Tech giant Apple is augmenting reality in a way that critics fear could become sinister and invasive.

Their augmented reality (AR) tool which is active in Paris, New York, London, and other cities is said to improve real life by superimposing digital words and images on old and traditional landmarks.

Privacy defenders fear AR could enable corporations to utilise everyday spaces for financial gain.

The AR interactive art works which enable colourful words and images to float above buildings needs an app and smartphone to work.

Apple commissioned the art from New Museum in New York, who have submitted works by seven poets and performers including Nick Cave.

The Apple tour in London revealed rainbow text appearing over a lion statue in London’s Trafalgar Square while a factory production line arose from the floor of Covent Garden.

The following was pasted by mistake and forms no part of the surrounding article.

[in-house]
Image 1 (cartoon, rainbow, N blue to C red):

Apple says the idea, they call, ‘ T Walk’ is a fun way of bringing art to the people and augment city life. But some fear a takeover of public spaces.

A researcher at the University of Glasgow reckoned that it raised questions of property rights, suggesting that the technology was being used without much aforethought.

On the plus side, however, AR could offer virtual maps or let officials see through the pavement to spot structural problems. But it allows firms to collect private data which could have negative consequences.

It is all very similar to ‘Pokemon Go’ that hit us in 2016, unleashing thousands of players into streets in search of cute animated characters.

But the distinction between digital and physical property rights was blurred, say experts, with some property owners suing the game’s makers for unwanted trespass.

AR could add another dimension to city life, assisting traffic flow, tourism and emergency response, said another commentator.

AR is becoming more mainstream now, with better integration onto mobile devices. Also the AR gaming market is expecting too reach a value of almost $300 billion by 2023. The trend is virtually unstoppable. However even sceptics feel that there probably would be more positives than negatives around this new application.